Interview with Victoria Cheah on the multimedial creative process
We interviewed composer Victoria Cheah about her creative process, in particular as it relates to her new collaborative piece with video artist Pawel Wojtasik, We burned the care of our flies for accordion, viola (played by Anne Black), and video and sound. This piece will be premiered on our second concert of the season on Thursday January 18, 2018 at Third Life Studio. – Hubert Ho, Co-Artistic Director
HH: What was the experience of writing for accordion like? How did you interact with Dino accordionist Kathy during this process?
VC: I was glad to get to know an instrument that I hadn’t had the chance to work with before. I find the construction of the accordion sound to be very interesting, and it was wonderful working with Kathy. We met to discuss what options her instrument has after I finished the piece, and it was valuable to sit down with her and try everything out, particularly regarding register switches and how pitches can affect timbre. We discovered a few combinations between the keyboard pitches, register switches, and bass chords that result in different kinds of audible beating – subtle, perhaps, but noticeable. I’m particularly interested in acoustic beating at the moment, so this was a nice fit, as the accordion is well suited to this effect.
HH: How did the experience of working with video artist Pawel Wojtasik expand upon, alter, or transform your vision of the composition?
VC: Working with Pawel has been great. Before either of us started work on the music or the video, we spoke on the phone to find a common ground for the project. Pawel had taken some video of a landfill some years back, and proposed using garbage and the sublime presence of a landfill as a conceptual start. I found this general idea fascinating, and also in line with my interests. We’ve had a few back and forth exchanges on both the music and the video, discussing what we think about each other’s work in progress and revising along the way. I feel like we’ve really been working on the same project together and hope that coherence comes through!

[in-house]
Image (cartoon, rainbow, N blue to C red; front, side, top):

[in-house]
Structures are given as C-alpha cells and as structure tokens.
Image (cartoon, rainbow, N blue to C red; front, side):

HH: In what ways does your music reflect upon issues of ecology, environment, or natural sustainability?
VC: In the purely aural medium, I have been exploring how small details can add up to larger consequences. This concept is relevant to how our actions affect the earth, the air, water, and so on, but from a structural perspective instead of an topical one. Another issue I’m interested in is repetition based in recycling and repurposing material, both musical material and physical materials, depending on the project. For example, the first version of my installation Studiolo (2014) made use of discarded packing materials, which were left over from another performance that took place in the same festival. The Studiolo is a little cardboard house, with speakers hidden in the walls playing unsynchronized loops. I thought the repetitive but constantly changing nature of the audio would match an environment built from leftovers, perhaps suggesting that there is more to gain, more to use, or notice, or learn from that which we might otherwise dismiss and discard.